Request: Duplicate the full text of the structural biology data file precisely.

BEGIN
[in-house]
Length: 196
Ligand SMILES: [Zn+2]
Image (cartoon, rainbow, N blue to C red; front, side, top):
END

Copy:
[in-house]
Length: 196
Ligand SMILES: [Zn+2]
Image (cartoon, rainbow, N blue to C red; front, side, top):